For me, the turning point came last year with the release of Hasbro’s Trollz, a 21st
century upgrade of the goofy little Trolls of my generation. Unlike their preciously
ugly Sixties forebears—with their non-gendered naked bodies, sweetly deformed
faces, and Don King-like shock of fuzzy hair (available in a variety of colors)—the
refitted Trollz promised to be slick, stylish and trendy. The “z” in the name was a
dead giveaway that Hasbro was sending this new pack of chickies down the same
consumer catwalk as the Bratz.
While this packaged sexism wasn’t any more outrageous than the locked-and-
loaded boy toys—Transformers, Bionicles, Power Rangers—that clog store shelves
and bathtub drains across the nation, one difference between Trolls and Trollz
struck me as profound: The old version practically dared kids to love something
that was funny looking. The new dolls announced that it was all about looking good.
Like everything else with parenting, we need to be discriminating. For my money
(literally), I remain a big fan of the American Girl doll line, if only because it has the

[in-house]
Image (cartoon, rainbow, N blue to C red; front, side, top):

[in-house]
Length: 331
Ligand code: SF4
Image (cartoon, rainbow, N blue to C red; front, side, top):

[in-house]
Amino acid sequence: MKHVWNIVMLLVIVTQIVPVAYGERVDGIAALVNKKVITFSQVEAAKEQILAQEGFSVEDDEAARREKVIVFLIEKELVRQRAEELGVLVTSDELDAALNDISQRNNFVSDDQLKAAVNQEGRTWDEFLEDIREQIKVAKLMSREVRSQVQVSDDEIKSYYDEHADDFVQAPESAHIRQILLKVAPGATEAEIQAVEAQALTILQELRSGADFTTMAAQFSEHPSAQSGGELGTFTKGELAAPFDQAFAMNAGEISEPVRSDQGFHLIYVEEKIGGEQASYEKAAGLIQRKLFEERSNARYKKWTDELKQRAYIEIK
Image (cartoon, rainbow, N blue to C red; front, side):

audacity to teach little girls U.S. history instead of fashion tips. And yes, I've even
taken a shine to the legendary Barbie, who despite her tiny-waisted, ballistically
busted notoriety, has in recent years been making efforts to give parents a choice.
To be sure, Babs sports some pretty risqué ensembles in her "Bling Bling"
collection, but she also stars as a Dancing Princess and Rapunzel in a separate
fairy tales line. And in her storybooks, she volunteers at an animal shelter and
raises money for starving kids. Not bad for a 50s-era airhead.
But whatever we do, let's be sure not to throw the baby doll out with the bathwater.
Even at 7 and 11, my daughters still occasionally seek comfort from the old gang in
the toy chest, proving that, every now and then, combing through a small head of
hair is just what the doctored ordered.
To quote Cyndi Lauper—herself, something of a vamp—sometimes girls just want
to have fun.